In 1983 the airport, renamed Belfast International, was regularly accommodating the largest civil aircraft in service and with the installation of new technology was capable of all weather operations. In 1985 passenger numbers reached 1.5 million and BMI went into competition with British Airways on the Heathrow service. Further developments to the terminal occurred throughout the late 1980s and early 1990s. A new Executive Aviation Terminal was opened in 1987 and the new cargo centre opened in 1991.
The airport was privatised in 1994. TBI became the new owner of the airport on 13 August 1996, by which time annual passenger numbers had reached 2.5 million.
In 1998 Easyjet started operations from the airport with flights to London Luton. Since then the airline has established a large base at Belfast International and a further twelve domestic routes and twenty direct European scheduled routes have been added to the network, making the airline the largest user of the airport.
In July 2013, it was confirmed that abertis would sell Belfast International Airport, Stockholm Skavsta Airport & Orlando Sanford International Airport to ADC & HAS based in the United States. In February 2015 the airport re-opened the viewing gallery that had been closed for 10 years which provides a view of the apron and the runways that serve the airport. It also includes live ATC, arrival and departure boards, and a live flight radar screen.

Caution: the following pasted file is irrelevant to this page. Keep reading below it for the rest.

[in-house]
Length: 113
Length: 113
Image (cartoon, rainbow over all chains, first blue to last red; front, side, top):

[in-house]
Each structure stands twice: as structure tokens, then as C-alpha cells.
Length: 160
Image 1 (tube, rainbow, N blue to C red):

Ryanair opened a base at the airport in 2016, initially operating flights to nine destinations. The airline said it would carry 1.1 million passengers a year out of the airport. In 2017 and 2018, Norwegian Air Shuttle operated long-haul services to Newburgh and Providence.
In April 2018, Vinci Airports, a subsidiary of Vinci SA, acquired an airport portfolio held by Airports Worldwide (previously named ADC & HAS), with the transaction expected to close later that year, Vinci Airports was to become the new owner of Belfast International Airport.